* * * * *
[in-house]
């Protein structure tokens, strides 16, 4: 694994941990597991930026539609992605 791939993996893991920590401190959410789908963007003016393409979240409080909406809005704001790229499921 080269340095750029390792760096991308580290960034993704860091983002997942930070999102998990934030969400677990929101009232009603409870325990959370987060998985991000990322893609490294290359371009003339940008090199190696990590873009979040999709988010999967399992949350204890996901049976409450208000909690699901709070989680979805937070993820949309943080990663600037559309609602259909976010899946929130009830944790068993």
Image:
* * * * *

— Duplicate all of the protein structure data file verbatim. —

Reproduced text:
[in-house]
């Protein structure tokens, strides 16, 4: 694994941990597991930026539609992605 791939993996893991920590401190959410789908963007003016393409979240409080909406809005704001790229499921 080269340095750029390792760096991308580290960034993704860091983002997942930070999102998990934030969400677990929101009232009603409870325990959370987060998985991000990322893609490294290359371009003339940008090199190696990590873009979040999709988010999967399992949350204890996901049976409450208000909690699901709070989680979805937070993820949309943080990663600037559309609602259909976010899946929130009830944790068993």
Image: